Susan Storcel grew up at Mater Christi Parish in North Riverside. She enrolled at the parish elementary school in 1959, just three years after it opened and just six years after the parish itself was dedicated.
Even after moving to LaGrange Park and spending some time away from Mater Christi, its pull was inescapable. She rejoined the parish seven or eight years ago, calling it “family.”
Her memories of the parish’s original pastor, Father A.H. Menarik, passing out report cards and grilling students who may not have fared well remain vivid.
“He terrified most of us, but I loved him,” Storcel said. “And one of the things going through my mind was not only how important this church was for me, but also how important it was to him. It was a prayer for him. As I go through this, I can’t get him out of my mind.”
The “this” Storcel is referring is three words Chicago-area Catholics have dreaded since 2017 – Renew My Church.
And the Mater Christi family’s future is due to change in the next year as it and three other parishes – St. Mary in Riverside, St. Hugh in Lyons and St. Pius X in Stickney – navigate Renew My Church, the Archdiocese of Chicago’s comprehensive plan to restructure Catholic parishes.
Now in its fourth year, Renew My Church will by its end involve every parish in the diocese and reorder the archdiocesan landscape, resulting in far fewer parishes as congregations consolidate, with an eye toward strengthening ones that remain and making them financially viable.
Since 2018, the archdiocese has consolidated 100 parishes into just 26 new ones. In 2019, St. Barbara Parish in Brookfield and St. Louise de Marillac Parish in LaGrange Park were merged into a new entity subsequently named Holy Guardian Angels Parish.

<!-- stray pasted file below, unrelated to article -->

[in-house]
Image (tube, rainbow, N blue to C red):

Because the name wasn’t made official until last November, parishioners of Holy Guardian Angels just celebrated the parish’s first feast day on Oct. 2. The parish threw a celebration marking the occasion on Oct. 3, with a morning service project cleaning up Kiwanis Park in Brookfield and a 1.6-mile procession that afternoon from St. Barbara Church to St. Louise Church.
“Things are not going to be quite the same,” said Father Tom May, pastor of St. Mary Church.
Possible scenarios released
In late September, parishioners at the four churches received possible “scenarios” laying out how each might or might not be consolidated with the others.
St. Mary Church, based on the initial scenarios, appears to sit in a position of some advantage within the grouping.
Of the four parishes, St. Mary is the only one that meets diocesan benchmarks for things like weekend Mass attendance and annual operating revenue needed to exist as a standalone parish.
It’s also the lone parish that operates a school, one that still has strong enrollment and is financially stable.
As a result, scenarios involving St. Mary would result in it becoming the new parish’s administrative center and be designated the parish church.
In the first scenario, all four parishes would combine to form a new parish, all four campuses would continue to be used and St. Mary would be the administrative center and formally designated as the parish church.
The second scenario would combine St. Mary, Mater Christi and St. Hugh, with St. Pius being spun off into a group of Berwyn and Cicero parishes for further discernment.
The third scenario envisions two parishes resulting from realignment, one combining St. Mary and Mater Christi and the other combining St. Hugh and St. Pius.
But the scenarios could change, as soon as later this month, after the archdiocese conducted facilities surveys of each parish. The facilities report presently is being discussed by the combined group discernment team, which includes members of each parish. They met last week and are scheduled for another meeting Oct. 14.
“It’s difficult to move on until we have those [facilities reports] in place,” said May in a recent interview with the Landmark. “They will be a major part of the decision making.”